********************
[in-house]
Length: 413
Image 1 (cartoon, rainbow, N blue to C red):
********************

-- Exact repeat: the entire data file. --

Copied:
[in-house]
Length: 413
Image 1 (cartoon, rainbow, N blue to C red):